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MKV v AJ 2015-Hodina 6 (Christmas, Revision of future tense through speaking and discussion)Stránka naposledy upravena 13:00, 4 Dub 2016 uživatelem Lenka Hessová
Autor: Tkaný, Pojsl
Rozsah přípravy: 45 min
The aim of the class: to revise the future tense, to get acquainted with Christmas holidays all around the world and what cultural role they play
Skills to include: speaking, reading
1) Santa trip
The students will sit in a circle. Each of them takes a turn and names object Santa will take on a trip. The first student starts by naming an object that begins with the letter A. The second student repeats that object and then adds his/her own word starting with the letter B (and so on down the alphabet).
Example: Santa will take an Apple –Santa will take an Apple and a Ball…
2) Discussion about Christmas
The students will work in pairs and discuss how they will celebrate Christmas this year. They should try to use as many future tense collocations as possible (I am going to, I will, etc.). One student is taking notes about his colleague so that he/she can later on talk about how will his colleague spend Christmas. After the discussion is done everyone will present his/her colleague plans out loud.
The teacher then can ask some more questions about the topic. For example: Does anybody practice some traditions? Like cutting apples in half, pouring hot lead into water etc.?
3) Christmas in different countries around the world
In this activity you will need printed out handouts. Text for this handouts is available at: http://www.whychristmas.com/cultures/
We modified some texts from this website to be more suitable for the students we are aiming this lesson at. The text we used are included below.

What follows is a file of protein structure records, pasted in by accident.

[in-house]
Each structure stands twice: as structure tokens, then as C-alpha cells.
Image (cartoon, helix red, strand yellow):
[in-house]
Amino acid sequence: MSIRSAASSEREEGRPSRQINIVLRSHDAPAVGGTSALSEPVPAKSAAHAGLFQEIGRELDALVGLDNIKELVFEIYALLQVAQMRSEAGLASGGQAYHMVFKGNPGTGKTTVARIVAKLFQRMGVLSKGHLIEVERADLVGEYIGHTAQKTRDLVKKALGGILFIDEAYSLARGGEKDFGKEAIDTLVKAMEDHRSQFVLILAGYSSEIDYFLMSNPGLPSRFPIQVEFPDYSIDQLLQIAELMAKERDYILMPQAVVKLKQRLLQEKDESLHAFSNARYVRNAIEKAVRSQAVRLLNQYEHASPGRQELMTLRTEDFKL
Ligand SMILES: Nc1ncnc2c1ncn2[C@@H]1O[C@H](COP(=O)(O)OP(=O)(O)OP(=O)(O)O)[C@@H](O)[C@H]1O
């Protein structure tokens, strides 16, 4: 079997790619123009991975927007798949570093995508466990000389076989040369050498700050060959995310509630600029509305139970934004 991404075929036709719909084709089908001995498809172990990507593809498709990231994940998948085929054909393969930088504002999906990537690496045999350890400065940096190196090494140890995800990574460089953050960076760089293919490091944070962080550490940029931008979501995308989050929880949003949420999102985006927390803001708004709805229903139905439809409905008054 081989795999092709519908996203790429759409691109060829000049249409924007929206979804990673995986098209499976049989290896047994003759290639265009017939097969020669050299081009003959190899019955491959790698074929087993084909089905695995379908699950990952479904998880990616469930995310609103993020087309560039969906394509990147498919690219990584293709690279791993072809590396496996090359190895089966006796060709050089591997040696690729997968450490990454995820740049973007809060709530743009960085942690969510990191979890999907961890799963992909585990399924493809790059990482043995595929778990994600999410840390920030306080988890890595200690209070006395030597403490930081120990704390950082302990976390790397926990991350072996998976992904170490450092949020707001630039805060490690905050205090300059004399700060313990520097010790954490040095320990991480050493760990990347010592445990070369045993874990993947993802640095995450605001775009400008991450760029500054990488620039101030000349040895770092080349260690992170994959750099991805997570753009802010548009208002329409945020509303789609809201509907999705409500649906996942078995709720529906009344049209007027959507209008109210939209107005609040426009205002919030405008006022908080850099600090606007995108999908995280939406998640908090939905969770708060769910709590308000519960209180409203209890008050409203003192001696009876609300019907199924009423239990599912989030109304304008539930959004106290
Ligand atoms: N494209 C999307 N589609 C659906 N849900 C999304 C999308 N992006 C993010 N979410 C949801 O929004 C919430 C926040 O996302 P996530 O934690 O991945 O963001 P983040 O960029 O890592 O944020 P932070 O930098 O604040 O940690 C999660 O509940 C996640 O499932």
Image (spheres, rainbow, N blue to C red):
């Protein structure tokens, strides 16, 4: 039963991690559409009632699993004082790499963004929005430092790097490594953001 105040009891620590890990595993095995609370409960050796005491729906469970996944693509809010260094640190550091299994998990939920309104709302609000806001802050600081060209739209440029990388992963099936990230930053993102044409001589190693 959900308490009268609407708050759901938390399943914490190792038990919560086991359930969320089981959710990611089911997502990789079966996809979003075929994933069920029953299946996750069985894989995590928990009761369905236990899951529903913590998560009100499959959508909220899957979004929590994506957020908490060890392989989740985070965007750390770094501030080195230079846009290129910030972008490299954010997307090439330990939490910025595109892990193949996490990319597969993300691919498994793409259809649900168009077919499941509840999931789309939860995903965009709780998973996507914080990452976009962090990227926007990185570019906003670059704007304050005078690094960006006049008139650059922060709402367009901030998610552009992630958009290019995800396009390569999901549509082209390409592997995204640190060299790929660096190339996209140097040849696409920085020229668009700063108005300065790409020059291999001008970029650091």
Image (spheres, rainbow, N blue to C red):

The task for the students is to work in pairs and study the given text, make notes and then introduce the country they have read about to the rest of the class.
Christmas in Japan
Christmas has only been widely celebrated in Japan for the last few decades. It's still not seen as a religious holiday or celebration as there aren't many Christians in Japan. Now several customs that came to Japan from the USA such as sending and receiving Christmas Cards and Presents are popular.
In Japan, Christmas is known as more of a time to spread happiness rather than a religious celebration. Christmas Eve is often celebrated more than Christmas Day. Christmas Eve is thought of as a romantic day, in which couples spend together and exchange presents. In many ways it resembles Valentine's Day celebrations in the UK and the USA. Young couples like to go for walks to look at the Christmas lights and have a romantic meal in a restaurant - booking a table on Christmas Eve can be very difficult as it's so popular!
Fried chicken is often eaten on Christmas day. It is the busiest time of year for restaurants such as KFC and people can place orders at their local fast food restaurant in advance!
The traditional Japanese Christmas food is Christmas cake, but it's not a rich fruit cake, but is usually a sponge cake decorated with strawberries and whipped cream.
Christmas is not a national holiday in Japan, so schools and businesses are normally open on December 25th.